I’ve told this story before, but it illustrates my point: When I went to cover the Iowa Caucuses in 1980 — or rather, I went there to cover Howard Baker campaigning there for a few days — in the company of photographer Mark Humphrey, we were as usual careful with our money. At one point, we were huddled together, both of us peering into our open wallets (in those days, you really had to have cash with you) trying to figure if we had enough left for something or other, and the producer of an NBC crew that was also covering Baker — an attractive young woman who looked kind of like the actress Paula Prentiss — came over and asked whether we needed anything, and offered to put us up for the night if we were broke.

      We said no, we had that covered. It was embarrassing, but she was trying to be nice to the poor boys from the little paper down in Tennessee…

      1. Barry

        I always eat the continental (included) breakfast at the hotel so I never have an expense for breakfast.

        On business, I often will buy a foot long sub for lunch, eat half, put the other half in my cooler and eat the other half for dinner. It’s satisfying enough for a day out of town on business. If I want a snack, I’ll pay for that myself.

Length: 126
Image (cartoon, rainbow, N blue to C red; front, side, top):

Two weeks ago I travelled to the Midwest on business. The highest priced dinner I had was $16. The following night my dinner was $10 with tip. I just submitted my expense report earlier this week. I have coworkers that do the same thing.

        I always have copies of my receipts and my boss approves my expense report within about 5 mins of receiving it.

        So you can see how abusive I find this particular story.

  3. Karen Pearson

    I know when I worked for the state, and traveled a lot within the state, the outside most the state would reimburse us for was $100.00 and we always had to turn in receipts. For overnight stays we had a meal allowance of $27.00 a day. We had to be there past 8pm to get dinner, if it was a day when we were returning to Columbia. I do not understand how the PTBs get to charge so much. Are they a different order of human being that they need more money to survive?